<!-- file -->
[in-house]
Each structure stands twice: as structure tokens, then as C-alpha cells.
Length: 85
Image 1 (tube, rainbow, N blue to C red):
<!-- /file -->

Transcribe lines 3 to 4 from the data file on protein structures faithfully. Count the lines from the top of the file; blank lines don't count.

Length: 85
Image 1 (tube, rainbow, N blue to C red):